Thoughts on the intersection of tech, business, and society.
Google, China, Wikileaks: The Actual Cable
When the Wikileaks story broke, I wrote a short piece chastising folks for blogging the assertion that one of the cables proves the Chinese government was behind the Google hacking which preceded Google's pulling out of the country. The cable is based on single sources, who are anonymous and…
When the Wikileaks story broke, I wrote a short piece chastising folks for blogging the assertion that one of the cables proves the Chinese government was behind the Google hacking which preceded Google’s pulling out of the country. The cable is based on single sources, who are anonymous and second-hand, and that doesn’t pass the journalistic sniff test.
My colleague Matt McAlister at the Guardian has sent me the link to the entire cable, and while I stand by my original take on the story, it sure is intriguing to read. In fact, the details I find most interesting are the interactions alleged between Baidu and the Chinese goverment.
From the cable:
Another contact claimed a top PRC leader was actively working with Google competitor Baidu against Google.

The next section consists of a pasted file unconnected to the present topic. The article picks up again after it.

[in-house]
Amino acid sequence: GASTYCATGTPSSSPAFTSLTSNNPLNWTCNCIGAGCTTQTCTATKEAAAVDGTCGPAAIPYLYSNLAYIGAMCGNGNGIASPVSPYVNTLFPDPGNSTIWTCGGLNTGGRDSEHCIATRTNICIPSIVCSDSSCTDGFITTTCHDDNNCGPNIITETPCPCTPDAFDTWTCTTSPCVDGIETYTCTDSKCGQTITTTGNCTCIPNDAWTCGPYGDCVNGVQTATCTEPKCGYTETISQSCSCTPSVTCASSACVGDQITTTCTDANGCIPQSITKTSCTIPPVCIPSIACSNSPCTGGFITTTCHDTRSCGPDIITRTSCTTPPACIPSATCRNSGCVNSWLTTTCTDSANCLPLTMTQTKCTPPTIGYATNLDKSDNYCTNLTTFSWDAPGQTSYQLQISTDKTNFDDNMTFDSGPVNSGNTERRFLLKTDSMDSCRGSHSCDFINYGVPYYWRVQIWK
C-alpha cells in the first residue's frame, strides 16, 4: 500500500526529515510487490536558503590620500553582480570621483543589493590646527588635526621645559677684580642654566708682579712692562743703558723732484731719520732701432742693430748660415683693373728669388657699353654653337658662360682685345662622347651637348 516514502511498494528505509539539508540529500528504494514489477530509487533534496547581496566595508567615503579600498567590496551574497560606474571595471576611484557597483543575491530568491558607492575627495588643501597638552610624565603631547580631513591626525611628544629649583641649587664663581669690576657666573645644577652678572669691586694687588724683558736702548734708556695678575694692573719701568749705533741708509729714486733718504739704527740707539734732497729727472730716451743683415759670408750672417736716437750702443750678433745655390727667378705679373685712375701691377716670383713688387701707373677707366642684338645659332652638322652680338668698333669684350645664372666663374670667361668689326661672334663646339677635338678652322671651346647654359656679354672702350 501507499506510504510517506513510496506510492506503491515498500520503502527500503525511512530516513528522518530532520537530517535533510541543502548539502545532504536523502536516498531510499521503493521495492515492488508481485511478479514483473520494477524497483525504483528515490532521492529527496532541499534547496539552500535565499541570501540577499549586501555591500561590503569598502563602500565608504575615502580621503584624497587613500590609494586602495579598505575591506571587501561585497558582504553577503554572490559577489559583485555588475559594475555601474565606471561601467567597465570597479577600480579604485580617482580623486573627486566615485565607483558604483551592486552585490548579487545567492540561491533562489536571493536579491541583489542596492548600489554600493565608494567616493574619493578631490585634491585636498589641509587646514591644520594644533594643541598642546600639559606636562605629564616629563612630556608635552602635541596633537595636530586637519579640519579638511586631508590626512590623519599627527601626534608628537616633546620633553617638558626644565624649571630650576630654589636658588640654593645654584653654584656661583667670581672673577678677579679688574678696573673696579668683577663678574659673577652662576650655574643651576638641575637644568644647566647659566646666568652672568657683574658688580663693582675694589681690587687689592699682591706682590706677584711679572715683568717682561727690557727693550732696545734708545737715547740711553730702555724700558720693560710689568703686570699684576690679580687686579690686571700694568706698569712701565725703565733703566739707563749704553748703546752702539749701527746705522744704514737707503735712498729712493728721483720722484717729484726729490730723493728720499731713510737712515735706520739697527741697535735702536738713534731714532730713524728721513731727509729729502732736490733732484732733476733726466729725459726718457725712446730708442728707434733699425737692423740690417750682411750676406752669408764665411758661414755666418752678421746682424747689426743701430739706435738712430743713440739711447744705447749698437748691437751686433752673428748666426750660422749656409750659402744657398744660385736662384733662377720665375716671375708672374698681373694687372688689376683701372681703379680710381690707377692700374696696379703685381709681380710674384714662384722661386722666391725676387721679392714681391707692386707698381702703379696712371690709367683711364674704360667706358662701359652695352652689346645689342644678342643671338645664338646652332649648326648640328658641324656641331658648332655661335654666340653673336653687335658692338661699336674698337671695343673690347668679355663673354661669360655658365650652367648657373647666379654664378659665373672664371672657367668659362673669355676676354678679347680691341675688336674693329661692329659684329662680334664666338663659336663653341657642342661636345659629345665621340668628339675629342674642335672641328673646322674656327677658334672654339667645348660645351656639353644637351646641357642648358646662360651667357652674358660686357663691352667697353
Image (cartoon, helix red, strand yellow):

Google’s recent move presented a major dilemma (maodun) for the Chinese government, not because of the cyber-security aspect but because of Google’s direct challenge to China’s legal restrictions on Internet content. The immediate strategy, XXXXXXXXXXXX said, seemed to be to appeal to Chinese nationalism by accusing Google and the U.S. government of working together to force China to accept “Western values” and undermine China’s rule of law. The problem the censors were facing, however, was that Google’s demand to deliver uncensored search results was very difficult to spin as an attack on China, and the entire episode had made Google more interesting and attractive to Chinese Internet users. All of a sudden, XXXXXXXXXXXX continued, Baidu looked like a boring state-owned enterprise while Google “seems very attractive, like the forbidden fruit.”
XXXXXXXXXXXX noted the pronounced disconnect between views of U.S. parent companies and local subsidiaries. PRC-based company officials often downplayed the extent of PRC government interference in their operations for fear of consequences for their local markets. Our contact emphasized that Google and other U.S. companies in China were struggling with the stated Chinese goal of technology transfer for the purpose of excluding foreign competition. This consultant noted the Chinese were exploiting the global economic downturn to enact increasingly draconian product certification and government procurement regulations to force foreign-invested enterprises (FIEs) to transfer intellectual property and to carve away the market share of foreign companies.